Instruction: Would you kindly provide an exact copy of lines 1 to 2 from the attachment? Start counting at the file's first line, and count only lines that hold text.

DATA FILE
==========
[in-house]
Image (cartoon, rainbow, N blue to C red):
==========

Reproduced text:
[in-house]
Image (cartoon, rainbow, N blue to C red):